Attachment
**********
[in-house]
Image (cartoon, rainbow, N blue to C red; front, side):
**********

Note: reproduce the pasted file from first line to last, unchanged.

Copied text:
[in-house]
Image (cartoon, rainbow, N blue to C red; front, side):